It’s understandable why Reiki might be met with skepticism. Its principles are not easily measured by traditional scientific methods, and many practitioners and clients report benefits that sound subjective or placebo-driven. However, Reiki requires an open mind about what health and healing mean beyond the physical manifestations we’re accustomed to.

Reported benefits of Reiki

  • Stress reduction: One of the primary benefits of Reiki is its ability to induce deep relaxation, reducing stress and tension. The gentle touch and healing energy help calm the nervous system, allowing the body to enter a state of profound relaxation and promoting a sense of peace and wellbeing.
  • Physical healing: Reiki can accelerate the body’s natural healing processes and support recovery from illness, injury or surgery. By restoring balance to the energy centers (chakras) within the body, Reiki can address imbalances and promote physical healing at a deeper level.
  • Emotional wellbeing: Reiki not only works on the physical body but also addresses emotional imbalances. It can help release emotional blockages, alleviate anxiety and depression, and foster a sense of emotional wellbeing and inner peace.
  • Energy balance: Reiki harmonizes the flow of life energy within the body, clearing energy blockages and restoring balance. This balance enhances vitality, strengthens the immune system, and promotes overall health and wellness.
  • Spiritual growth: Reiki is not tied to any specific religion but can deepen one’s spiritual connection and awareness. Through its gentle healing energy, Reiki can facilitate personal growth, self-awareness, and a greater sense of purpose and meaning in life.
  • Improved quality of sleep: Because of the above-mentioned benefits, the culmination of stress reduction and overall wellbeing, Reiki often allows the recipient the opportunity to sleep soundly after sessions. Think of Reiki as a supplement to your health regimen, not a substitute for traditional medical treatment. It’s a low-risk practice — since it’s non-invasive and considered safe alongside other medical therapies — that has the potential to offer profound benefits.
  • Encouragement to try Reiki If you’re intrigued but unsure, start small. Consider a trial session or talk to practitioners and those who have experienced Reiki firsthand. Ask questions, express your doubts and see if the answers resonate with you on any level. Again, it is very important to find a practitioner that you feel comfortable with.


Whether seeking relief from physical discomfort, emotional tension or simply yearning for a deeper connection with oneself, Reiki holds the potential to unlock new avenues of healing and self-discovery.

The effectiveness of Reiki is often most appreciated through personal experience. Therefore, those curious about its potential benefits are encouraged to approach Reiki with an open mind and without preconceived judgments. As with any alternative or complementary therapy, it is essential to consult healthcare professionals and choose qualified practitioners trained in the ethical and effective use of Reiki techniques.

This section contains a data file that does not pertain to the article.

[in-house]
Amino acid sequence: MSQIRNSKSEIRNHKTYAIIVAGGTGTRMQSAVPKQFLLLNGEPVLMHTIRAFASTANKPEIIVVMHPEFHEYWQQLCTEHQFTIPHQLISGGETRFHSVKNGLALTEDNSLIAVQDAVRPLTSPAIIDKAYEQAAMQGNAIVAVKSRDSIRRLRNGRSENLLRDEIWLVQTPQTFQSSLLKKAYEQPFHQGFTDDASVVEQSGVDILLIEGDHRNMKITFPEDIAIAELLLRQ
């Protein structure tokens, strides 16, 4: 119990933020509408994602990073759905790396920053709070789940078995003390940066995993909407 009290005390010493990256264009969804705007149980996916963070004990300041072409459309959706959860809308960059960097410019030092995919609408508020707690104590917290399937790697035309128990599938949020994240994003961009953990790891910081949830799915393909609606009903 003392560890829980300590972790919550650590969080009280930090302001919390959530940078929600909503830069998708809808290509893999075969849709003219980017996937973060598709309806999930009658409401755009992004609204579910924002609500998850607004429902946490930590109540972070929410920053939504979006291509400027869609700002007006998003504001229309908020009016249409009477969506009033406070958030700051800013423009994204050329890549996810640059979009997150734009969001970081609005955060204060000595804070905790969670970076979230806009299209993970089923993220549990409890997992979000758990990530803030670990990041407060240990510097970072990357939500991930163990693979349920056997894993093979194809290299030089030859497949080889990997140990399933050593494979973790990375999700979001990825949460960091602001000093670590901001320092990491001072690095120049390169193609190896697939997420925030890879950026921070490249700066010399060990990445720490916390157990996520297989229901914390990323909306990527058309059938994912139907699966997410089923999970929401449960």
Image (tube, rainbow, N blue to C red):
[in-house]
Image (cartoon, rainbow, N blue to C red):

About the author

Tami Sharp is the co-founder and CEO of Law Enforcement Coaching LLC. She has been immersed in the law enforcement world her entire life, as her father was an outpost deputy sheriff who served 23 years as an officer after serving over 20 years in the U.S. Air Force.

Tami Reiki Pic.png

Tami Sharp.

Courtesy photo

Growing up, Tami witnessed firsthand the stressors, mindset and residual effects of the law enforcement lifestyle, as well as the compounding effects of stress and PTSD. Tami lost her father to cancer in 2001, which ignited her passion for seeking a deeper understanding of how our thoughts and feelings affect our health.

Tami is also the significant other of retired detective and co-founder of Law Enforcement Coaching, Chris Zamora. She brings a wealth of knowledge to the spouse and family components of the law enforcement lifestyle.

Tami has spent over 20 years in the holistic and personal development fields. She holds a degree in transformational psychology and is certified in clinical hypnotherapy, NLP (Neuro-Linguistic Programming) and Reiki energy work as a Reiki master/teacher and life coaching. She is currently working toward her doctorate in metaphysical science. Tami also has extensive training in aromatherapy, nutrition, yoga, meditation and other holistic wellness modalities, which she translates into an unmatched style that works effectively for law enforcement and first responders. She takes a non-"woo-woo” approach to all things holistic.